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Bill Clinton Presses on in Campaign for Barack Obama

Monday, 05 November 2012 11:25 By Mark Leibovich, The New York Times News Service | Report
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By Sunday, Bill Clinton sounded awful, as if he had been gargling with Liquid-Plumr. You could hear his voice dying steadily over the last 72 hours of campaigning: hoarse Friday in Florida, cracking Saturday across Virginia and dissolving fully to a slight husk here Sunday, after two stops in New Hampshire and before another in Minnesota.

“As you can see, I have given my voice in the service of my president,” Mr. Clinton said, wheezing while introducing President Obama at a late-night set at a Bristow, Va., amphitheater on Saturday. He kept coughing, patting his chest and mouthing words that carried only muffled strains in chilly air. Black tea with honey and a steady diet of cough drops between events helped little.

It was as if the 42nd president could go fully silent at any second, except that he never did — speaking for 25 minutes Saturday night and more than 40 at his nine solo shows over the weekend to cap off a campaign star turn that could not differ more from what many considered his more dutiful efforts for Mr. Obama four years ago.

After talking (and pointing and gesticulating) for three-quarters of an hour before a crowd of 4,000 at an amusement park here Sunday night, Mr. Clinton spent an additional 10 minutes high-fiving his way along a rope line with a big grin.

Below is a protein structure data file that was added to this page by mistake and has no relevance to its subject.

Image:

If there has been one enduring lesson from his career, it is that the Big Dog is resilient. He can be disgraced, impeached, defeated — but he comes back. The full spectacle of this has been on riveting, if raspy, display in the closing days of the presidential campaign.

Mr. Clinton, 66, has jumped into a hopscotch of battleground states in what — depending on his wife’s future plans — may or may not be his last campaign tour as a Super Surrogate. He is scheduled to appear, if not be heard, at four stops across Pennsylvania on Monday.

He also includes a fair amount in his speeches about Bill Clinton: his enthusiasm (higher than four years ago), his legacy (“I am the only living former president that ever gave you a budget surplus”) and, yes, his wife, the mention of whom brings big applause and the occasional “We love you, Hillary!” cry from the crowd.

Whoever wins Tuesday, the 2012 campaign has solidified (or restored) Mr. Clinton’s status as the hardest-working man in a game he loves and plays like no one else. “The master, Bill Clinton,” Mr. Obama called him on Saturday, hailing his predecessor as “a great president and a great friend.”

Unsaid, at least here, is that Mr. Clinton has also been a salvation to Mr. Obama. He gave what was widely considered the best speech at the Democratic National Convention in Charlotte, N.C., rocking a strong endorsement of the president while arguably conveying the re-election rationale better than Mr. Obama or his campaign has.

“He has been our economic validator,” Jim Messina, Mr. Obama’s campaign manager, said of Mr. Clinton.

Likewise, Mr. Clinton’s presidency exemplifies what Mr. Obama is trying to make a case for. In the early 1990s, President Clinton also inherited a lagging economy, and then he led economic prosperity in his second term. Mr. Obama, who wrapped his former rival in a full-on hug onstage in Charlotte (their recent joint appearances have featured more cursory bro-hugs), said he should name Mr. Clinton to a new position known as Secretary for Explaining Stuff.

Out of public view, the former president has been equally tireless. In a 20-minute car ride Saturday after a rally in Chesapeake, Va., to the Norfolk airport, Mr. Clinton recorded 40 “robo-calls” for Democratic Congressional candidates across the country. In addition to headlining 37 rallies for Mr. Obama over the last seven weeks of the campaign (including events scheduled through Monday), Mr. Clinton is serving as a back-channel strategist for the re-election enterprise.